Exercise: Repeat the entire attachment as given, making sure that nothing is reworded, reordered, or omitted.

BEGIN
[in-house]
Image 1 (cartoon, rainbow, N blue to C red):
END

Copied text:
[in-house]
Image 1 (cartoon, rainbow, N blue to C red):